It’s a Monday morning, and you’re stumbling around your kitchen like a zombie. You can barely keep your eyes open, and your brain is moving slower than a snail in molasses. Your hands are shaky, and you only have one thought on your mind: caffeine, please! In fact, you might even consider coffee to be your lifeblood, unable to be a coherent functional human being without at least three cups of coffee. Don’t worry, I won’t judge you – if you’re anything like how I was, you’re probably fatigued, low on energy, and addicted to coffee (or Monster energy). Whether you’re a student trying not to drown in endless midterms and papers or a corporate worker flooded with never-ending meetings and emails, everyone has experienced a time in their lives when they are just chronically tired and addicted to caffeine. I totally get it.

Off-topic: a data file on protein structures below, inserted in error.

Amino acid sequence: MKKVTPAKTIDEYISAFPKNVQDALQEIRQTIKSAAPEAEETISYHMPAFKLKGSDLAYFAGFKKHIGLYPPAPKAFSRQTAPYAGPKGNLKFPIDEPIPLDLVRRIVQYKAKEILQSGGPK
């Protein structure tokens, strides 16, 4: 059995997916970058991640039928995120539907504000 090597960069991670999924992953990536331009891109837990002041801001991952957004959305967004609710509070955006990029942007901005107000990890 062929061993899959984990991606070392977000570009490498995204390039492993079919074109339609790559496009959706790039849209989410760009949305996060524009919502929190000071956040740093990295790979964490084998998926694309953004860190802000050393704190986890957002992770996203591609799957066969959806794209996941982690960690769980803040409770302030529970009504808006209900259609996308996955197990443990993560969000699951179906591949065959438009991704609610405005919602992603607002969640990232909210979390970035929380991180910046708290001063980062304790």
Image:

But here’s the thing, my fellow caffeine addicts: caffeine may be our go-to fuel, but it’s not exactly a superfood. In fact, it has some pretty negative effects on our gut health, skin, metabolism, quality of sleep, and our bank accounts (yes, spending $6.65 on a Grande Iced Brown Sugar Oat Milk Shaken Espresso every morning adds up – believe me, I know). And so, knowing this, you try to decrease your caffeine intake, but then you realize that you are at a point where you’re too tired and too far down the caffeine addict pipeline to do so. Now you feel hopeless, bloated, still tired, and also broke. Does this sound like you?